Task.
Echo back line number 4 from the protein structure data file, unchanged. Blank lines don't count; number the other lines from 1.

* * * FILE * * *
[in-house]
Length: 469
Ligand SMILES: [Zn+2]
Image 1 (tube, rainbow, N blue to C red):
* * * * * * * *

Image 1 (tube, rainbow, N blue to C red):